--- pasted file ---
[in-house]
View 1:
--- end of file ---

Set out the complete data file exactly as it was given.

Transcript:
[in-house]
View 1: